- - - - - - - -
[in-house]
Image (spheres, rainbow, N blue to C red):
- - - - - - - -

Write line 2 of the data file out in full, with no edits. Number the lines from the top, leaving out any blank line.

Image (spheres, rainbow, N blue to C red):